SanDisk (Nasdaq: SNDK) just reported second-quarter results. Sales were up 61% year over year to $1.18 billion, and non-GAAP earnings tripled from $0.36 to $1.08 per share. The price per gigabyte sold fell 18% from the year-ago period and 8% from last quarter, which isn't ideal given the recent stabilization in memory prices but also not a disaster. In a joint venture with Toshiba (OTC BB: TOSBF.PK), SanDisk will build a new memory-making plant over the next four years that will help both companies keep up with customer demand "in the coming years."

But nobody cares about all of that. If we did, SanDisk's stock would be rising today; the reported numbers outdid both management guidance and Wall Street expectations, and there was no massive buildup of investor hopes ahead of the report. SanDisk's share price has more than doubled in the past year, soundly trouncing other memory-makers such as Micron Technology (NYSE: MU) and Imation (NYSE: IMN), but with a marked flattening toward the end of the curve. And the stock plummeted after the report, down 5% this morning.

The culprit: SanDisk founder and longtime CEO Eli Harari picked this occasion to announce his retirement. The market reaction to this news is quite the opposite of what happened when The Wall Street Journal mused about Nokia (NYSE: NOK) maybe losing its CEO -- new leadership would be good news for Nokia but very bad for SanDisk.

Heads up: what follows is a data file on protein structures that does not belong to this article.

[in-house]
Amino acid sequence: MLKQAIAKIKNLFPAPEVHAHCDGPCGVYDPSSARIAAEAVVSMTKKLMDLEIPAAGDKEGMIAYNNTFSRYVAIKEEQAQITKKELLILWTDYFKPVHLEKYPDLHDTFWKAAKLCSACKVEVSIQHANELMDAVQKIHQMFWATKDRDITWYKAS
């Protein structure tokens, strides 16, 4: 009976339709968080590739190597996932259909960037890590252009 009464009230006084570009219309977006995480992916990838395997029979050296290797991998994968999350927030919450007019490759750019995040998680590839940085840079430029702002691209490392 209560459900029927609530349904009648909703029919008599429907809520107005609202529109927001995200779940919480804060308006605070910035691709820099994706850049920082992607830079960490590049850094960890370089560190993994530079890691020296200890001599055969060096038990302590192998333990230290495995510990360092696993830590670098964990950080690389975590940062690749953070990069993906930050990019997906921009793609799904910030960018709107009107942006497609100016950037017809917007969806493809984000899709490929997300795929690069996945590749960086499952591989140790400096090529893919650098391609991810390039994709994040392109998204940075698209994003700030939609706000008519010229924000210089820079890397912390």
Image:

Harari is a highly respected figure in the semiconductor industry, having co-founded SanDisk from an engineering background rather than business and basing the venture on disappointments with memory chip strategy he'd experienced when working for now-competitor Intel (Nasdaq: INTC) and elsewhere. Kindly and unassuming, he's got both impeccable credentials and the chutzpah to tell Samsung "no, thanks" when it offered to buy his company for $5.85 billion.

"It's amazing what you can achieve if you don't mind that somebody else gets the credit," Harari told USA TODAY earlier this summer. Now his younger friend and co-founder Sanjay Mehrotra will step up from COO to CEO and start taking credit for the work Harari has been doing over the past two decades. These are some big shoes to fill, and I can't blame the market for acting nervous about the change. Imagine Berkshire Hathaway without Warren Buffett. Yeah, it's a lot like that in SanDisk land right now.

Will Mehrotra take over the reins without a hiccup, or are the glory days over for SanDisk? Discuss in the comments below.